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Coach's Sales Are Still Dropping, But Less Badly Than Before

It's been a hard year for Coach. Fingers crossed for that turnaround it's been carefully planning for fall.

Over the course of four days in July, Coach released a fresh fall campaign shot by Steven Meisel and cut over 150 jobs, two stops on its path toward what it hopes will be an aesthetic and financial turnaround. As the moment of truth draws closer — Stuart Vevers' first collection as creative director will hit stores in full this fall — the brand has a lot prove, as sales for its fourth quarter dropped seven percent relative to the year prior.

To be fair, that's not nearly as disappointing as Coach's third quarter performance, during which North American sales declined 18 percent due to weak demand for its core business of bags and accessories. And it wasn't bad across the board: While North American sales fell 16 percent, comparable sales in China showed double digit growth.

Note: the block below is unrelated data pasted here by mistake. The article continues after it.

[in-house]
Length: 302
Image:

In total, the brand pulled in $164 million in revenue in the last quarter, which ended June 28. So maybe Coach is coming around the bend with consumers.

On the company's earnings call Tuesday morning, CEO Victor Luis stuck to the brand transformation message, while acknowledging that it's been a difficult year sales-wise. As far as handbags go, Stateside shoppers are showing more interest in Coach's $400 price bucket, which now accounts for 21 percent of the category's sales, up from 16 percent last year. Luis noted that Coach's price point is also the fastest-growing segment of the handbag market in Europe, a region that represents the largest white space in Coach's business.

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It's getting hard to say that we'll have to wait until Vevers's designs reaches consumers and its new store concepts open in November to know how well this brand reimagining has worked out, but we're nearly there. Finally. Let's see if Coach can now turn those declining sales into something resembling growth.